Artificial Eye do it again with a superb transfer that really does justice to the film’s look. On a dual-layer disc with a 1.85:1 anamorphic transfer, colours are strong and the image is sharp and detailed. There is no sign of edge-enhancement and grain is kept at a natural level. There are some minor instances of moiré shimmer on roof-tiles and the occasional flicker of a frame, but generally the image remains stable. Dust marks can be seen now and again, but not in any great amount.
The DVD comes with a choice of Dolby Digital 2.0 or 5.1 mixes. The actual sound quality is good, clear and audible throughout with no distracting noise. The 5.1 mix is certainly active across all speakers with the atmospheric moans of distant dogs and squealing mice, but it’s not significantly better than the straightforward Dolby Digital 2.0 mix and actually comes across as slightly overactive and a little artificial. I’ve given Artificial Eye a hard time in the past about not providing the original surround mixes for films, giving only the option of the stereo mix, but it looks like when they do include the Dolby Digital 5.1 mix it doesn’t particularly enhance the film to any great extent. They can’t win on this one.
Interview with Nuri Bilge Ceylan (30:42)
The director talks about the autobiographical elements of the film (he was once a photographer himself), and the “home-made” aspect of his films in his writing, producing, directing, editing roles, the use of his own home as the central location of the film and the use of friends and their experiences in building the film. He gives some background on Turkey and the circumstances of the people of Istanbul and mentions some deleted scenes including, surprisingly, an excised murder plot. Describing and giving his interpretation of some scenes here also serves well as an alternative to a scene-specific commentary.
Short Film: Koza (17:41)
The director’s first work from 1995, Koza (“Cocoon”) is a short film that is painfully derivative of Tarkovsky’s Mirror in imagery, in heightened sound effects and in the score. In this respect it is fascinating, but there is nothing here that shows any personal or individual stamp. The black and white film is presented in the original 1.33:1 ratio, without dialogue and is of reasonably good quality.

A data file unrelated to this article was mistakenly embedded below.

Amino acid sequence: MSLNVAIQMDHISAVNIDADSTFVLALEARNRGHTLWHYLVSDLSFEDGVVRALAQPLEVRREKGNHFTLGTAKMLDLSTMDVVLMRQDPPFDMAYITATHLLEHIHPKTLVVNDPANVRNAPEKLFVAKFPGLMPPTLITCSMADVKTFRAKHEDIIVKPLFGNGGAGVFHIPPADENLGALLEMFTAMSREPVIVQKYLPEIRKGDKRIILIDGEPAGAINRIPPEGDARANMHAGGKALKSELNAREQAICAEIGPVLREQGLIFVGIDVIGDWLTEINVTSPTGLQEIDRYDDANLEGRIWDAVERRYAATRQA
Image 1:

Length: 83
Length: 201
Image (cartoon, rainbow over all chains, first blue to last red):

Behind The Scenes (42:20)
A long ‘making of’ gives ample indication of the quick and improvised style of the small crew, shown filming a number of scenes, followed by the final scene as shown in the film. One unused scene can also be seen here. The director can also be seen prepping the actors in detail about their characters and their motivations in certain scenes. This is far too long though and mostly unnecessary, but if you are interested in seeing the director at work, this is in-depth and detailed.
Filmographies are included for the director Nuri Bilge Ceylan, and for the actors Mehmut Emin Toprak (who died in December 2002 and was awarded Best Actor at Cannes posthumously) and Muzaffer Özadamir.
Judging from critical reaction to this film, Uzak is regarded as either a masterpiece or a boring piece of arthouse cinema where nothing happens. I don’t think it’s either – there’s fine observation in the characters, their interaction and in the depiction of the central distance between them that is ultimately tragic in that the breach is insurmountable. At the same time though, it does depict the monotony of these characters lives and that is indeed itself monotonous and drawn-out. In the hands of a master like Bergman, Tarkovsky or Ozu much could be made of this kind of situation, but Ceylan, on the evidence of Uzak alone, is not in that league. The DVD presentation of the film is superb, with good picture and sound quality and extensive supporting features.